The Yearling by Marjorie Rawlings

(Cross-posted from my blog)

The winner of the 1939 Pulitzer Prize, The Yearling by Marjorie Rawlings is a quaint story of a boy, Jody, his life on a Florida farm during the late 1800's, and ultimately, the adoption of his fawn, Flag. Descriptive and enchanting, Rawlings paints a realistic picture of early Florida life and the love humans feel for their pets.

Jody lives on a small farm in the present-day Ocala National Forest with his father and mother. Times are tough. Crops don't grow, bears and wolves prey on their livestock, relationships with neighbors are strained, and the weather is relentlessly hot and rainy. Jody's farm struggles every day to exist in these meager conditions. Jody also combats loneliness with no siblings or friends with whom to pass the time. He yearns for a pet to call his own, and he finally gets his way when he befriends an orphaned fawn. However, as Flag becomes a yearling, the deer exacerbates the family's struggle by eating their crops. Jody is ordered to shoot his pet - and he is torn between doing the right thing for his family and killing the thing he loves the most.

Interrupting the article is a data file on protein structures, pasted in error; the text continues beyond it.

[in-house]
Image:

This story is rich with history. You really capture a sense of what it was like to live in Florida during this time period. Many think of Florida as a tourist haven, which it is in parts, but most of Florida is rich with vegetation and animals. Even today, I live among Florida's wildlife, from snakes in my pool to alligators on the golf course. While these animals are really just "pests" in my life, they could make or break a family like Jody's. I gained a new appreciation for what life was like for the pioneers who tried to carve a life in Florida's unforgiving land.

My only complaint about The Yearling is that it is very descriptive - perhaps to a fault. You must really like to read about nature to enjoy this story. If you do, I would highly recommend Marjorie Rawlings's inspirational and historical tale.


    I read this book as a young adult, and I loved made me so sad, and I totally empathised with Jody. Now, as a woman in my early 40s, I should go back and re-read it, and see how different my perspective is. I'm guessing I would identify with Jody, but even more with his parents.